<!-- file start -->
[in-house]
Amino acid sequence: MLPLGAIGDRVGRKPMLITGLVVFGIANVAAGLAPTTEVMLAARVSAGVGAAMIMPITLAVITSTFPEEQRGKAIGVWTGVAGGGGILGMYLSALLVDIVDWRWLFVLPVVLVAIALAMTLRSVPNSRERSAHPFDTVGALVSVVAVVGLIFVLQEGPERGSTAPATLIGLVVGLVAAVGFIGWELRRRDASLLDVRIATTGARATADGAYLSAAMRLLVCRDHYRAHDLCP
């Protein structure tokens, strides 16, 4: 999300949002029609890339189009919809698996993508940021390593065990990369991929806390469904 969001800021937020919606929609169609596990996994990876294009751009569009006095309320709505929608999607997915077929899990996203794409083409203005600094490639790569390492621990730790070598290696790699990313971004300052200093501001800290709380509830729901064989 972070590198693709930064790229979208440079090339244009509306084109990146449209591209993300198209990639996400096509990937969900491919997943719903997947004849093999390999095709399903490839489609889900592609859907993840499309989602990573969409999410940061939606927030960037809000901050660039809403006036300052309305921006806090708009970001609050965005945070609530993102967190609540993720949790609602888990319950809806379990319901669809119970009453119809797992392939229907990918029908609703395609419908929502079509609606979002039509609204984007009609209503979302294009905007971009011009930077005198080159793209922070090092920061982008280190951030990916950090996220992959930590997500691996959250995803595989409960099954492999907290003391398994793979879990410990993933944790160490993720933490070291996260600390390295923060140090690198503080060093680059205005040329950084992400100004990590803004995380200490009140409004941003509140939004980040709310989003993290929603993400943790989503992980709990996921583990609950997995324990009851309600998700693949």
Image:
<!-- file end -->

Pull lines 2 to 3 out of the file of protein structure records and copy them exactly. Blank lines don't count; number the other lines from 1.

Amino acid sequence: MLPLGAIGDRVGRKPMLITGLVVFGIANVAAGLAPTTEVMLAARVSAGVGAAMIMPITLAVITSTFPEEQRGKAIGVWTGVAGGGGILGMYLSALLVDIVDWRWLFVLPVVLVAIALAMTLRSVPNSRERSAHPFDTVGALVSVVAVVGLIFVLQEGPERGSTAPATLIGLVVGLVAAVGFIGWELRRRDASLLDVRIATTGARATADGAYLSAAMRLLVCRDHYRAHDLCP
């Protein structure tokens, strides 16, 4: 999300949002029609890339189009919809698996993508940021390593065990990369991929806390469904 969001800021937020919606929609169609596990996994990876294009751009569009006095309320709505929608999607997915077929899990996203794409083409203005600094490639790569390492621990730790070598290696790699990313971004300052200093501001800290709380509830729901064989 972070590198693709930064790229979208440079090339244009509306084109990146449209591209993300198209990639996400096509990937969900491919997943719903997947004849093999390999095709399903490839489609889900592609859907993840499309989602990573969409999410940061939606927030960037809000901050660039809403006036300052309305921006806090708009970001609050965005945070609530993102967190609540993720949790609602888990319950809806379990319901669809119970009453119809797992392939229907990918029908609703395609419908929502079509609606979002039509609204984007009609209503979302294009905007971009011009930077005198080159793209922070090092920061982008280190951030990916950090996220992959930590997500691996959250995803595989409960099954492999907290003391398994793979879990410990993933944790160490993720933490070291996260600390390295923060140090690198503080060093680059205005040329950084992400100004990590803004995380200490009140409004941003509140939004980040709310989003993290929603993400943790989503992980709990996921583990609950997995324990009851309600998700693949």